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Code Access Security: When Role-based Security Isn't Enough : Page 2

Role-based security works pretty well in most situations but as Sharepoint developers learned long ago it doesn't work for everything. Now that .NET supports Web parts, even more developers will find they need to get a basic understanding of Microsoft's Code Access Security.

How Does CAS Work?
CAS defines permissions sets—things that can be done by a set of code and membership conditions. To do this, CAS identifies and characterizes client code so the appropriate permissions for that code can be determined. So defining how you want code access security to work is all about defining what you want an application to be able to do—and not do—and then telling .NET how to figure out whether the code gets the permission set to work.

The next few sections connect the pieces of the system that define how CAS will make those determinations. After you have an understanding of how CAS settings are processed in an ASP.NET application, I'll show you how to create your own custom CAS policy and watch it in action.

Defining CAS in the web.config
The first tool in configuring the CAS is the web.config. There are actually two areas that define CAS settings in the web.config file. Both of these areas are located within the <system.web> tag in the web.config file. The first section is a <securityPolicy> tag, which has no attributes and contains a set of <trustLevel> tags.

The <trustLevel> tag is the tag that creates an association between a friendly name for the security policy and the actual policy file. The attributes for the trustLevel tag are:

  • name—This is the friendly name for the policy file as it will be referred to below.
  • policyFile—This is the file name of the policy file. If the policy file is not located in the same directory as the web.config file it is a full path to the policy file including the file name.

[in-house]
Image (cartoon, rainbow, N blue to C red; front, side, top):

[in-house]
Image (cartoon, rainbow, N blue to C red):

SharePoint, for instance, defines two <trustLevel> tags with names of WSS_Medium and WSS_Minimal. These are the two out-of-the-box policy files that SharePoint provides. As mentioned above, ASP.NET does not, by default, configure CAS at all—the default is Full trust. So if you're running ASP.NET without configuration you won't find these entries.

The second part of the configuration for the web.config is a <trust> tag, which is also placed in the <system.web> tag. The <trust> tag takes two attributes. They are:

  • level—The level attribute corresponds to one of the <trustLevel> tag name attributes from above, or Full for full trust.
  • originUrl—This specifies the host name for permissions that are defined only for certain hosts. This attribute is optional.
The entire <system.web> section and the <trust> tag can be encapsulated in a <location> tag if you need to allow for different locations with different trust levels or if you want to make sure that no one with an application in a subdirectory can override your settings. You can find out more about the <location> element in the MSDN documentation at http://msdn.microsoft.com/library/default.asp?url=/library/en-us/cpgenref/html/gngrflocationelement.asp.

Defining the Policy File
Using the two entries in the web.config file ASP.NET will load your CAS policy file. Now it's time to put something in that file that ASP.NET can use. To do that you may want to look at the configuration files already installed on your system by the framework. You can look in %WINDIR%\Microsoft.Net\Framework\V2.0.50727\CONFIG. The web_lowtrust.config is a simple file that you can start with to get comfortable with the file format. The web_hightrust.config is a reasonably complicated file that can be useful when you've gotten comfortable with the basic structure and how the files fit together.

The basic structure of the file is as follows:

                              <SecurityClass> …
                                   <IPermission> …
                              </PermissionSet> …
                              <IMembershipCondition> …
                              <CodeGroup /> …
The key parts of the file are the SecurityClasses, the NamedPermissionSets, and the CodeGroups. I'll examine each one in detail in the following sections.

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